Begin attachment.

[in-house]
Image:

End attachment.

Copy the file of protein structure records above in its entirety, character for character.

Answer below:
[in-house]
Image: